To get to Tyra from Corus, it’s necessary to go through the Bazhir desert. Of course, with only half the Bazhir tribes recognizing the Tortallan king, and many of the desert’s residents being lawless hillmen, it’s a dangrous trip even for seasoned warriors. Unfortunately for Alanna, she and Coram are attacked by a group of hillmen who have a magical sword (which glows orange with the late Duke Roger’s magic) that breaks Lightning, leaving Alanna sad and swordless. The hillmen are attacked in turn by the Bloody Hawk Bazhir tribe, who take Alanna and Coram back to their camp.

At the Bloody Hawk camp, Alanna is recognized as the “Burning Brightly One” who helped defeat the Ysandir– she is now a legend to the Bazhir. However, the shaman is crazed, and claims that she is a liar (along with some other fun names). This culminates in a fight between Alanna and the shaman (Ibn Nazzir) where Alanna kills the man. Because of Bazhir law, the one who kills the shaman must become the shaman (at least until they can train a suitable replacement), so Alanna finds herself tied to a tribe when all she really wants to do is go on an adventure. There are three gifted teens in the camp- Ishtak, Kara, and Kourrem- who have never been trained to control their gift. Recognizing that untrained gifted teens could spell disaster for everyone in the tribe, Alanna declares them her successors and begins their training.

Jonathan and Sir Myles visit Alanna while she’s with the Bloody Hawk, and several things happen. Jonathan and Alanna renew (and end) their relationship. Sir Myles adopts Alanna, and Jon becomes The Voice of the Tribes. As soon as this is completed, Alanna flees the desert, heading to Port Caynn where she spends the summer avoiding Corus and Jonathan, instead focusing on George.

The end of the book sets us up for Lioness Rampant, as Alanna decides to go find the Dominion Jewel to save Tortall.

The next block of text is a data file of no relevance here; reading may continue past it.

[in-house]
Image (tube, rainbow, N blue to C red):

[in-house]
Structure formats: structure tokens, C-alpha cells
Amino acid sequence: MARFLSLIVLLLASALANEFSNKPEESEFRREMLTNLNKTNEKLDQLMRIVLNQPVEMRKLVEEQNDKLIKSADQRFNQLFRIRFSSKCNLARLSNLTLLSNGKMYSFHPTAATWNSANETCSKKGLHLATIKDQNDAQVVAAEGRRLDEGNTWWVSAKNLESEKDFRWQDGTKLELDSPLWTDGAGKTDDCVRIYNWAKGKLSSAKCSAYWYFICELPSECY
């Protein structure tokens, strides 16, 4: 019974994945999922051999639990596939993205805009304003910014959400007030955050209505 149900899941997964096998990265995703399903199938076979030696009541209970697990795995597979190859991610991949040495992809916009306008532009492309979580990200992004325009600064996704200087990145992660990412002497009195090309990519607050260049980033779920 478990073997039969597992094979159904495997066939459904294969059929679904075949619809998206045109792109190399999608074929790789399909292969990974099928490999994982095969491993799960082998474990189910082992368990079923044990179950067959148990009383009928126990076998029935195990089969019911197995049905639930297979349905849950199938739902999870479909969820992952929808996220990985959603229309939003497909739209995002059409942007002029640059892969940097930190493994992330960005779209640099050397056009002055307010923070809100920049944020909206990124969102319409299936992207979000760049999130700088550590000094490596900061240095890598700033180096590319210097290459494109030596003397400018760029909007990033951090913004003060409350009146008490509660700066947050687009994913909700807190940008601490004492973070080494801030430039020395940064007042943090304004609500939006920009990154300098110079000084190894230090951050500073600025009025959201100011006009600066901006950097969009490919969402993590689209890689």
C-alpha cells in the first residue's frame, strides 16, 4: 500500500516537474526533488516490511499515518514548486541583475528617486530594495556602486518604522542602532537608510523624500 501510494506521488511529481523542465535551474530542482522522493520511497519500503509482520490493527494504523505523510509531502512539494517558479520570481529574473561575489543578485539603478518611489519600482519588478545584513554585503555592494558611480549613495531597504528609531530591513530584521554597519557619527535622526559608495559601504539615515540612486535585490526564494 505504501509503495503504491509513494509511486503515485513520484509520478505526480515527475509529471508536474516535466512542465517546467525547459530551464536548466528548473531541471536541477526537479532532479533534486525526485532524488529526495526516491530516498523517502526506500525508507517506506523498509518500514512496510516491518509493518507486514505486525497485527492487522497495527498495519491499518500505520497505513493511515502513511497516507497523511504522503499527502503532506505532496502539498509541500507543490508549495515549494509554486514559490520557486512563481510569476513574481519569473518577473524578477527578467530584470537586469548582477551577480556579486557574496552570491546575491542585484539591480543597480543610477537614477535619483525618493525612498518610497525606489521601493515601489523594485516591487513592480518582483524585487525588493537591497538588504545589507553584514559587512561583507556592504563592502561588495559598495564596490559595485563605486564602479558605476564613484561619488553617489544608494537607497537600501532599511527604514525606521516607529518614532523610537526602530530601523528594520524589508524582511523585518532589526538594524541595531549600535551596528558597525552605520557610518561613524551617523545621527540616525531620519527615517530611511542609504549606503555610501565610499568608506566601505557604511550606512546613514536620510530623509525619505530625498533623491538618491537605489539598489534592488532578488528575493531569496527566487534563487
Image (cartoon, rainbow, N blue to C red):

The Quick Version:

Like so many third-in-a-set-of-four novels, this book feels a bit like a bridge. A lot happens, and Alanna makes huge steps toward becoming the champion she is destined to be. She continues to grow in her sense of self, and her womanhood, and begins to truly embrace herself here. It’s a solid adventure, and it makes you want more. It gets a 4/5.

3 Comments

Filed under Book Review, Children's Fiction, High Fantasy, Young Adult Fiction

Me and My Shadow

MacAlister, Katie. Me and My Shadow (2009). 352 Pages. Signet. $7.99

The Silver Dragons: Book Three || Dragons Universe Book Seven

This is certainly not the last Dragons book– Love in the Time of Dragons is the next book — but it is the last book about Gabriel and May. Much like with Aisling and Drake before, their series might be over, but they are not gone.

Kostya continues to petition the weir for recognition of the Black Dragon sept. Cyrene continues insisting that she is Kostya’s mate. Drake’s mother is an evil, obnoxious woman. Aisling has given “full custody” of Jim to May for the remainder of her pregnancy– which means that Jim will continue being loud and obnoxious and Not. Funny.*Something weird is going on with Sally. Magoth has been unleashed on the mortal realm (and is still obnoxious). And so on and so forth.

The only thing which really concludes in this book is May and Gabriel’s romance; they really and truly are committed to each other, and have found their personal happily-ever-after. Oh, and Aisling has finally given birth.** However, May has finally found herself- in more than one sense- and her relationship with Gabriel has strengthened in such a way that it will last through their immortality.

Things get more and more complicated with Baltic. He’s basically the center of everything, and we know next-to-nothing about him. Hopefully this is not the case in Love in the Time of Dragons, because I believe it is his chest decorating the cover. I should be reviewing that by this time tomorrow, with the way I inhale these.

The Series as a Whole:

May and Gabriel manage to be different from Aisling and Drake while following the same basic plot; Girl has some powers. Boy notices girl, Girl notices boy. Girl gains lots of powers and complicates life. Boy does not run away from incredibly powerful, complicated girl. Boy and Girl overcome obstacles, and live happily ever after. But then, aside from the powers point, that’s really ever romance novel ever, and who really reads them expecting something original? The fact is, seven books in, I still enjoyed the set enough that I want to read the eighth. The series scores a perfect 10 of 10.

The Quick Version:

This book makes a good end to the rest of the Silver Dragons novels, though as stated repeatedly, the overall plot of the Dragons universe is not done. I did enjoy it, and I did actually laugh aloud a couple times. As a whole though, this series is less funny than the Aisling Grey series, which works, because the dramatic and action-oriented plot has become much more significant than the slapstick humor of the first portion. There are still scenes where I laughed– I snorted out loud while I was sneakily trying to read this book at work (and was so busted by a customer).  It gets a 4.5/5, because I really did enjoy it, even if some of it made me cringe.